Mardi: and a Voyage Thither

by Herman Melville

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Chapter L

Promise Of Spring

"Ho, now!" cried Media, "across the wide waters, for that New Mardi, Vivenza! Let us indeed see, whether she who eludes us elsewhere, he at last found in Vivenza's vales."

"There or nowhere, noble Taji," said Yoomy.

"Be not too sanguine, gentle Yoomy," said Babbalanja.

"Does Yillah choose rather to bower in the wild wilderness of Vivenza, than in the old vineyards of Porpheero?" said Braid-Beard.

Sang Yoomy:—

Her bower is not of the vine,
But the wild, wild eglantine!
Not climbing a moldering arch,
But upheld by the fir-green larch.
Old ruins she flies:
To new valleys she hies:—
Not the hoar, moss-wood,
Ivied trees each a rood—
Not in Maramma she dwells,
Hollow with hermit cells.

'Tis a new, new isle!
An infant's its smile,
Soft-rocked by the sea.
Its bloom all in bud;
No tide at its flood,
In that fresh-born sea!

Spring! Spring! where she dwells,
In her sycamore dells,
Where Mardi is young and new:
Its verdure all eyes with dew.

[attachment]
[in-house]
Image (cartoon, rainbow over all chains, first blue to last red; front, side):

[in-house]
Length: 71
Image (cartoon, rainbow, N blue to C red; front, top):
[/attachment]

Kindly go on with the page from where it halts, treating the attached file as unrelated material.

There, there! in the bright, balmy morns,
The young deer sprout their horns,
Deep-tangled in new-branching groves,
Where the Red-Rover Robin roves,—

Stooping his crest,
To his molting breast—
Rekindling the flambeau there!
Spring! Spring! where she dwells,
In her sycamore dells:—
Where, fulfilling their fates,
All creatures seek mates—
The thrush, the doe, and the hare!

"Thou art most musical, sweet Yoomy," said Media. "concerning this spring-land Vivenza. But are not the old autumnal valleys of Porpheero more glorious than those of vernal Vivenza? Vivenza shows no trophies of the summer time, but Dominora's full-blown rose hangs blushing on her garden walls; her autumn groves are glory-dyed."

"My lord, autumn soon merges in winter, but the spring has all the seasons before. The full-blown rose is nearer withering than the bud. The faint morn is a blossom: the crimson sunset the flower."

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